DSM5 is an advance, because it acknowledges that addiction occurs in mild, self-limited forms as well as moderate and severe progressive forms. For example, using DSM-IV criteria, 72% of people who meet criteria for alcohol dependence have a single episode lasting 3-4 years on average, and it then resolves and does not recur. Why would we expect alcohol use disorder, a brain disease, to be different from most other medical disorders such as depression, arthritis or asthma? Some people have a mild form that goes away, others have moderate disease that waxes and wanes for a long time, and others have severe, treatment-resistant disorders that have a high mortality rate. 

So, the advantage to DSM5, is that it removes an artificial and false distinction between "Abuse" and "Dependence" and replaces it with a more nuanced and evidence-based approach that includes mild as well as severe disease. We think addiction is severe and progressive in most instances because we've focused on people in rehab, which is like examining people with asthma who are in the ICU on a ventilator. Most people with the disorder never end up in rehab or the ICU.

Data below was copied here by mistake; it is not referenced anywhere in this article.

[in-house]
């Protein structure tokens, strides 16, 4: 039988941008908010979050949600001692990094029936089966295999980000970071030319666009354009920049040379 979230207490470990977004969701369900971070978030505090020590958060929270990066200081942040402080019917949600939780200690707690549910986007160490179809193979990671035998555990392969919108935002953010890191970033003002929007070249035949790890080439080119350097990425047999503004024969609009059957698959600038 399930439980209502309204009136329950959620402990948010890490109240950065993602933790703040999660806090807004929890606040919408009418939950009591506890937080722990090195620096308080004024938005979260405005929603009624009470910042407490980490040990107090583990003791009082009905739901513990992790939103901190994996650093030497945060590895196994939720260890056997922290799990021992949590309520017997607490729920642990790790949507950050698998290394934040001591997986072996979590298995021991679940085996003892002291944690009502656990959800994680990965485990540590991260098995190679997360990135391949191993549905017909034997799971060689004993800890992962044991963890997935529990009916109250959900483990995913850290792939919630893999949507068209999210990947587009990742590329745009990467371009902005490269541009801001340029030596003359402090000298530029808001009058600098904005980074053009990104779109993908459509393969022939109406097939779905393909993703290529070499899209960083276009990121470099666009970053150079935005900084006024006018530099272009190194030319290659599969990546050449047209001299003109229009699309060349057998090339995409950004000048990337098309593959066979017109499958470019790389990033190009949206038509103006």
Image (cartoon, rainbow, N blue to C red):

The key to seeing the advance in the DSM5 approach is in understanding that substance use disorders, like most other human ailments, exist along a continuum from mild to severe. 

One more thing: most heavy drinkers don't have alcohol use disorders. They are instead "at-risk" drinkers, people who drink more than is medically advisable but who do not yet have a disorder. They are similar to people who smoke but who don't have cancer, people with elevated blood pressure or cholesterol who have not had a heart attack. They have an elevated risk of developing disease (in the case of alcohol, an alcohol use disorder, meaning addiction to alcohol) but they do not currently have that disorder. Fortunately they respond very well to feedback and advice, so if we can make this more available to people, we can prevent progression to alcohol use disorder. For those interested, check out 

My website is, my blog is Substance Matters at, and my Twitter handle is @AddictionDrW.